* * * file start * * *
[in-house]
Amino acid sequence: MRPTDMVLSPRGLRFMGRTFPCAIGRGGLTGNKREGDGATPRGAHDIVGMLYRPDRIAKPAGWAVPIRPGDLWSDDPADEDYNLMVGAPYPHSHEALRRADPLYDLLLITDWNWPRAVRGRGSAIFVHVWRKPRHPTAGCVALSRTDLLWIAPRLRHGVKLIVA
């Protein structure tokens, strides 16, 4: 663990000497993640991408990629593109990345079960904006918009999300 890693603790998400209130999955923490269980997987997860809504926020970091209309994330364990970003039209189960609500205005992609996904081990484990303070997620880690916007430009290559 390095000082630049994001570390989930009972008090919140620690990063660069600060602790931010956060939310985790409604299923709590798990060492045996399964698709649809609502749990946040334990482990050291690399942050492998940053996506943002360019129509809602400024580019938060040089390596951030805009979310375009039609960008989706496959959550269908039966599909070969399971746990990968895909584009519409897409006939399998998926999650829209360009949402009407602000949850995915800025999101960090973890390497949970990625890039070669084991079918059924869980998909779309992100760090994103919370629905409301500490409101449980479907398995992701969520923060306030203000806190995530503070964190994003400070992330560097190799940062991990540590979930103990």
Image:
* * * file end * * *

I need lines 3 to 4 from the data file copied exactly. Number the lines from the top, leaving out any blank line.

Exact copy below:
């Protein structure tokens, strides 16, 4: 663990000497993640991408990629593109990345079960904006918009999300 890693603790998400209130999955923490269980997987997860809504926020970091209309994330364990970003039209189960609500205005992609996904081990484990303070997620880690916007430009290559 390095000082630049994001570390989930009972008090919140620690990063660069600060602790931010956060939310985790409604299923709590798990060492045996399964698709649809609502749990946040334990482990050291690399942050492998940053996506943002360019129509809602400024580019938060040089390596951030805009979310375009039609960008989706496959959550269908039966599909070969399971746990990968895909584009519409897409006939399998998926999650829209360009949402009407602000949850995915800025999101960090973890390497949970990625890039070669084991079918059924869980998909779309992100760090994103919370629905409301500490409101449980479907398995992701969520923060306030203000806190995530503070964190994003400070992330560097190799940062991990540590979930103990």
Image: